CMSC 2012: Ischemic Heart Disease and Myocardial Infarction Occur Less Frequently in Hospital Discharges with Multiple Sclerosis


People discharged from the hospital with MS are 30% less likely to have had a myocardial infarction and 58% less likely to have ischemic heart disease.

SAN DIEGO — People discharged from the hospital with multiple sclerosis (MS) are 30% less likely to have had a myocardial infarction (MI) and 58% less likely to have ischemic heart disease (IHD), according to research presented at the Fourth Cooperative Meeting of the Consortium of Multiple Sclerosis Centers (CMSC) and America’s Committee for Treatment and Research in Multiple Sclerosis (ACTRIMS).

Although it is known that perivascular inflammation is an early event in the process of plaque formation in MS, the information on vascular risk factors in MS is limited. Patient age may play a role in the prevalence of vascular disease in this population.

Nabeel Herial, MD, of the University of Toronto Medical Center in Toledo, OH, and colleagues conducted a study using data from the 2006 Nationwide Inpatient Sample (NIS) to evaluate the prevalence of IHD, MI, ischemic stroke (IS), and hemorrhagic stroke (HS) in 6,611,263 hospital discharges involving cases who had a secondary MS discharge diagnosis of MS and control patients who had no MS diagnosis from more than 1,000 hospitals in 38 states.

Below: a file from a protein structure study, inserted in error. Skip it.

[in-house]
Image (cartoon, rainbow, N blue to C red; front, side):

Of the total discharges, 0.32% (20.843) had a secondary diagnosis of MS. Average MS case patient age was 57.3 years, 73% were female, and 81% were Caucasian. Control patients were 60% female and 69% Caucasian.

Ischemic stroke (1.5 vs. 1.9%) and hemorrhagic stroke (0.3 vs. 0.37%) did not differ between MS and control patients. However, the rate of ischemic heart disease (1.6 vs 3.7%) and myocardial infarction (1.3 vs 2.1%) were lower for MS patients than for those with no MS. Overall, MS patients were 30% less likely to have MI and 58% less likely to have IHD.

“IHD and MI occur less frequently in MS discharges compared to controls. This analysis represents a large, uniform sample across the United States hospital discharges for the year 2006. Similar results were found when data for 2007 were queried,” the authors concluded.

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